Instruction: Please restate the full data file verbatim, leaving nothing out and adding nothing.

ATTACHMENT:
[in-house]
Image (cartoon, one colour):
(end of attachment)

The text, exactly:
[in-house]
Image (cartoon, one colour):